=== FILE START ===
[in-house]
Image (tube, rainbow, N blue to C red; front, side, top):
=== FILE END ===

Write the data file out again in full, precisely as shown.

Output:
[in-house]
Image (tube, rainbow, N blue to C red; front, side, top):